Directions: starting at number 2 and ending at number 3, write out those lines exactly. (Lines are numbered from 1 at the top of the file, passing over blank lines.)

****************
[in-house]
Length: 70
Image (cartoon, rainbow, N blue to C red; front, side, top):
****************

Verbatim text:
Length: 70
Image (cartoon, rainbow, N blue to C red; front, side, top):